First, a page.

The first quarter (Q1) of 2023 has seen the highest volume of films released in UK and Ireland cinemas between January and March since 2014, according to statistics revealed today (May 5) by the British Film Institute (BFI).
However admissions in the period were the lowest since 2014, the year the BFI began quarterly reporting. This excludes the pandemic-impacted year of 2021, in which cinemas were mostly closed.
A total of 234 films were released Q1 2023, including event titles and Ireland-only releases, based on Comscore’s theatrical reporting. This is excluding three Netflix films, which had limited runs and did not report box-office takings to Comscore.
There were 26 million cinema tickets sold in the UK in Q1 – 6% lower than the same period in 2022, 27% less than 2020 and 30% down on 2019.
The total Q1 2023 box-office revenue in the UK only was £207.2m, 2% higher than box-office revenue for Q1 2022, and 21% lower than Q1 in 2019. This figure includes box-office earnings from releases at the end of December the year prior.
In the UK and Ireland, the box-office figure generated only from new releases in the first quarter is £191.1m.
The highest-grossing film released was Puss In Boots: The Last Wish, earning just under £26m. What’s Love Got To Do With It? was the highest-earning UK independent release in Q1 2023, with a gross box office of over £4.8m.
The market share of UK independent films was 9%. February was the strongest month in Q1 for admissions, with 9.2 million tickets sold, driven by two studio releases – Puss In Boots: The Last Wish and Ant-Man And The Wasp: Quantumania. Between them, the franchise sequels delivered 40% of the UK box office in February.
The BFI has also released Q1 figures for UK production. The combined total spend on film and high-end television (HETV) production in the UK for Q1 2023 was £922m from 88 productions.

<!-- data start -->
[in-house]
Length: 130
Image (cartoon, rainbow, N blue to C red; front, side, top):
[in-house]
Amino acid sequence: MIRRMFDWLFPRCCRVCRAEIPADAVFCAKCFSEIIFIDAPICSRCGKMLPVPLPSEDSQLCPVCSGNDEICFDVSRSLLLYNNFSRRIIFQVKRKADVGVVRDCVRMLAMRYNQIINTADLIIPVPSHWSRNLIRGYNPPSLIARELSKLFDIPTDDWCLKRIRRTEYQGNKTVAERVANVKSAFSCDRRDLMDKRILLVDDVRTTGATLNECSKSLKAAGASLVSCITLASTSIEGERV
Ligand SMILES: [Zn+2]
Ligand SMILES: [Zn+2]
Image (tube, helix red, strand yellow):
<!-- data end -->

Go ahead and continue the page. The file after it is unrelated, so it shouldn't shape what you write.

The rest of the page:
UK spend on film and HETV productions for the 12 months from April 2022 to March 2023 was £5.3bn. This is the second-highest figure seen since records began (in 2002). It is a 29% decrease on the record high (£7.5bn) of the previous 12-month period, which saw an immense volume of production owing to a post-Covid pandemic backlog. Inward Investment productions accounted for £4.4bn or 84% of the total.
Forty-one films started shooting during Q1 2023, 13 fewer than as reported for Q1 2022. The total UK spend of these films was £381m, 55% lower than the record-breaking £847m reported for Q1 2022. The BFI report noted large scale inward investment features started filming in December 2022, so were captured in last year’s data, however the majority of their filming is taking place in Q1 of this year.
During the latest 12-month period, 216 films began principal photography, with a total UK production spend of £1.5bn. This is 37% drop from £2.4bn seen in the previous 12-month period. It is the lowest reported number of films for a rolling 12-month period since records began in 2002. However the BFI report caveats this is likely to be revised upwards owing to a lag in obtaining complete data for homegrown low-budget features.
For the latest 12-month period, inward investment films accounted for 85% of the total spend (£1.3 bn). Spend on UK features was £158m, or 10% of the total, down from £270m reported for the previous rolling 12-month period. Coproduction films had a UK spend of £75m and accounted for 5% of the total UK spend, and the highest figure for the past decade.
Inward investment films in Q1 2023 accounted for £337m from 17 productions, including A Quiet Place: Day One, Ghostbusters: Hell’s Kitchen, Back To Black and Bade Miyan Chote Miyan. Spend from UK features was £30.6m from 17 films, such as Four Letters Of Love, Magpie and The Stoic. UK-Ireland production Kneecap also started principal photography, one of seven co-productions, totalling a spend of £13.5m.
Forty-seven HETV productions began principal photography in Q1 2023 with a total UK spend of £549m, a decrease from £999m reported in the Q1 2022 official statistics release. The Q1 spend on inward investment and co-productions was £408m (74% of the total) and domestic productions accounted for £141m.
Between April 2022 and March 2023, 186 HETV productions started principal photography, 64 fewer than in the previous 12 month period. Total HETV production spend was £3.7bn, the second highest since the introduction of the HETV tax relief in 2013.
Originally published at https://www.screendaily.com/news/uk-ireland-releases-hit-nine-year-high-in-q1-2023-but-cinema-admissions-plummet/5181653.article